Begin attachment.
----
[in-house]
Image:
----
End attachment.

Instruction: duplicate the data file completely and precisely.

[in-house]
Image: